Above all, William Shakespeare’s calling card is his poetry, his unmistakable delicacy with words. Both his sonnets and plays exhibit a verbal dexterity simply not found elsewhere. Throne of Blood, Akira Kurosawa’s searing adaptation of Macbeth, fluidly weaves Shakespeare’s fluid lyricism with a distinct Japanese flavor. Of the countless deft touches that permeate in waves throughout Throne of Blood, none are more effective than Kurosawa’s decision to portray Lady Macbeth (here called Lady Asaji) as a quiet assassin. Whereas Lady Macbeth is wildly vicious throughout Shakespeare’s play, Lady Asaji is a sharp contrast—her calculated, almost peaceful manner of communicating her dark wishes chills the soul to its core. She resorts to emotion only as a last resort, such as when an intoxicated Washizu begins seeing visions of Miki, whom he had ordered killed just a short time before.
As Washizu drunkenly reprimands Miki’s ghost amidst a room of confused onlookers, we see Asaji’s immaculate persona begin to waver for the first time. Unable to remain quiet with her dark schemes in jeopardy of being ruined by too much sake, she quickly rises and hastens around the room, feverishly trying to explain Washizu’s actions to their guests. Asaji’s outburst is so out of character that it initially startles us, but eventually enhances our vile impression of the demonic woman. By painting Asaji with both soft devilry and desperation, Kurosawa exposes her internal rotting better than Shakespeare himself.
The intricacies involved with Macbeth’s downfall are plentiful, but Kurosawa doesn’t shy away from them. Instead, he fluidly portrays Washizu’s descent from respected leader to dark lord. It’s a gradual collapse that’s convincing every step of the way. At 105 minutes, Throne of Blood is one of Kurosawa’s shorter films but it’s also his most rewarding. The character development is unusual in that it often requires analyzing surrounding characters to understand anybody’s motives and goals. Of course, Toshirô Mifune’s performance as Washizu makes this easy; he’s an emotionally-charged whirlwind. Shrugging aside all caution, Mifune roars, shudders, contemplates, and lurks his way to his best performance of all. With and without words, he communicates his innermost struggles and torments.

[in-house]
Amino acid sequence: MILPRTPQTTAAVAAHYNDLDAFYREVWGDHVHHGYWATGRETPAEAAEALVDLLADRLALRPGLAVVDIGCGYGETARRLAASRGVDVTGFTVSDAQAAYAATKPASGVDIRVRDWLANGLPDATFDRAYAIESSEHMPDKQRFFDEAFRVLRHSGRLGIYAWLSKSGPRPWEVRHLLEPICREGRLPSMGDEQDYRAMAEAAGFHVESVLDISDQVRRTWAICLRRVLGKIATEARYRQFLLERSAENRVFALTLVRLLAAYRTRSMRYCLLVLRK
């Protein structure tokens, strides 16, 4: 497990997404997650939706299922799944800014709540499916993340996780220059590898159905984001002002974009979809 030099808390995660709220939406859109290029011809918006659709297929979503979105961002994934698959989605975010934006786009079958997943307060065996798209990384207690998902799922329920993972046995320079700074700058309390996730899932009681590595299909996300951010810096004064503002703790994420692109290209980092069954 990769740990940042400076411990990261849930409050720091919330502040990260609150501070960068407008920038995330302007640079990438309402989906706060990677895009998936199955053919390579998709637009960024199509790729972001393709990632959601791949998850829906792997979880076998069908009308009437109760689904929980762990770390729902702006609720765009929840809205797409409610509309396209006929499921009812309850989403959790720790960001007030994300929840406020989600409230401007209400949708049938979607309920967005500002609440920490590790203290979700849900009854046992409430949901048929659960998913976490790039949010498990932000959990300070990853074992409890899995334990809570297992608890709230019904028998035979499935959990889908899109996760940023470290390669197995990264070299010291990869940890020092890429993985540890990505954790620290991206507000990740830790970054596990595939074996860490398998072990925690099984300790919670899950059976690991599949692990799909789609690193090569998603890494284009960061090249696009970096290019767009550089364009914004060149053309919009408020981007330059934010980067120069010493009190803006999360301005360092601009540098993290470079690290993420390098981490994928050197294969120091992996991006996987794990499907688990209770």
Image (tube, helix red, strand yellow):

Throne of Blood‘s photography is sumptuous. Mist consumes and blankets the land with uneasiness, while extreme close-ups capture sweaty droplets clinging desperately to a warriors’ nose, not ready to die just yet. High-angle shots portray the ghostly trees of Spider-Web Forest gracefully swaying in the evening breeze, commanding the entire screen. We’re later treated to an eerie parallel during the film’s savage conclusion, when arrows rain on a defiant Washizu atop his castle. As they embed themselves in the walls, they slowly assume the shape of the forest itself and hem the doomed man in, just as the towering woods enveloped him during his initial run-in with the witch.
Kurosawa’s lengthy filmography boasts plenty of grand achievments, but Throne of Blood is his finest hour. While staying faithful to the spirit of Shakespeare’s work, it achieves a dark individuality that most adaptations can only dream of. At the risk of sounding presumptuous, I think Throne of Blood frequently surpasses its maker—for instance, it eliminate any staginess from Washizu’s first encounter with the witch. With Criterion’s sparkling new DVD transfer, there’s no excuse to miss this one. Brush up on your Shakespeare and cinematic knowledge in one delicious stroke.